Deploying Adobe Shockwave Player with System Center Configuration Manager

Welcome to part two of a five-part series on deploying runtimes and reader from Adobe with an app store-like experience using Microsoft System Center Configuration Manager. Today’s episode: Shockwave Player! As I prepared to write, I asked myself, “Does anyone use Shockwave anymore?” It turns out that the answer is pretty much a “no”, but I’m going to stick with my plan to cover Shockwave, Flash, AIR, and Acrobat Reader (in that order) for completeness. Also, Shockwave is the only one of the four that is actually packaged appropriately by the vendor for an acceptable user experience, so it makes sense to cover it first so we can focus on the plumbing of building the application package. Each of these programs receives frequent updates, and it can be quite a task to build new application packages every few weeks. As I have mentioned previously, there are vendors that will take care of this for you, and I encourage you to use one of them if you can afford it and if it makes sense in your organization. My approach here will be to show a do-it-yourself method for automating app package creation for these frequent updates using Windows PowerShell.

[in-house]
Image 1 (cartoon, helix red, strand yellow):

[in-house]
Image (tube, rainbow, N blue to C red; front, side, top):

To follow along, you will need to have distribution rights from Adobe, PowerShell 5.0, and the Configuration Manager cmdlets. See my previous blog post for details. You may not technically need PowerShell 5.0, but that’s what I have. I’m not going to make any effort to ensure that what I’m doing works on previous versions, so to make sure everything below works for you, I suggest upgrading to version 5.0 or higher. You can check your version of PowerShell from a PowerShell prompt by displaying $PSVersionTable.PSVersion. Here’s the command and its output from my Windows 10 v1511 computer with PowerShell 5.0 installed:

PS C:\> $PSVersionTable.PSVersion

Major  Minor  Build  Revision
-----  -----  -----  --------
5      0      10586  494

Using PowerShell for Packaging: First Iteration

Let’s begin by outlining the plan in comments. We’ll start with a simple, single-use script and then refine it later.

# Download the Shockwave installer from Adobe

# Extract the version information from the installer